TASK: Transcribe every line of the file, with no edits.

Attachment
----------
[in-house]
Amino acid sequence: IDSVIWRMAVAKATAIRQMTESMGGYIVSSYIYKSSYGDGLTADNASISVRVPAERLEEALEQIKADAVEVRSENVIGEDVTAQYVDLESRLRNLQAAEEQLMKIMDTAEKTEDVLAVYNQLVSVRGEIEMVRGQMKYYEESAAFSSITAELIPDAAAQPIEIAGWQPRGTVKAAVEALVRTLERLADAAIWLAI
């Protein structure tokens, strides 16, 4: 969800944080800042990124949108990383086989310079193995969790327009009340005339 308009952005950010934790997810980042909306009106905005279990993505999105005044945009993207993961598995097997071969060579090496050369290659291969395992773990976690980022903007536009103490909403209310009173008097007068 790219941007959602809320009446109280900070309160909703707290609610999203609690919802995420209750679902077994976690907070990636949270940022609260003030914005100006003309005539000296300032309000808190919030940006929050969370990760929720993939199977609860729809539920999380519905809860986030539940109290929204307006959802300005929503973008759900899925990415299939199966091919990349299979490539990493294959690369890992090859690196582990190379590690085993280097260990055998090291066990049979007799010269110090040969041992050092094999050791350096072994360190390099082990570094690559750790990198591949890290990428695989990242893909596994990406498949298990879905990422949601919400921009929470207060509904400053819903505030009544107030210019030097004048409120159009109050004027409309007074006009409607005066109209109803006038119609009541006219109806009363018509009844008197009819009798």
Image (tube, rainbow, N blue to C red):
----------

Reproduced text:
[in-house]
Amino acid sequence: IDSVIWRMAVAKATAIRQMTESMGGYIVSSYIYKSSYGDGLTADNASISVRVPAERLEEALEQIKADAVEVRSENVIGEDVTAQYVDLESRLRNLQAAEEQLMKIMDTAEKTEDVLAVYNQLVSVRGEIEMVRGQMKYYEESAAFSSITAELIPDAAAQPIEIAGWQPRGTVKAAVEALVRTLERLADAAIWLAI
């Protein structure tokens, strides 16, 4: 969800944080800042990124949108990383086989310079193995969790327009009340005339 308009952005950010934790997810980042909306009106905005279990993505999105005044945009993207993961598995097997071969060579090496050369290659291969395992773990976690980022903007536009103490909403209310009173008097007068 790219941007959602809320009446109280900070309160909703707290609610999203609690919802995420209750679902077994976690907070990636949270940022609260003030914005100006003309005539000296300032309000808190919030940006929050969370990760929720993939199977609860729809539920999380519905809860986030539940109290929204307006959802300005929503973008759900899925990415299939199966091919990349299979490539990493294959690369890992090859690196582990190379590690085993280097260990055998090291066990049979007799010269110090040969041992050092094999050791350096072994360190390099082990570094690559750790990198591949890290990428695989990242893909596994990406498949298990879905990422949601919400921009929470207060509904400053819903505030009544107030210019030097004048409120159009109050004027409309007074006009409607005066109209109803006038119609009541006219109806009363018509009844008197009819009798």
Image (tube, rainbow, N blue to C red):